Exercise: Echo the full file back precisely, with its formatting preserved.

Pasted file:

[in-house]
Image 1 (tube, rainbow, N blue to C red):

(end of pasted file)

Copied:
[in-house]
Image 1 (tube, rainbow, N blue to C red):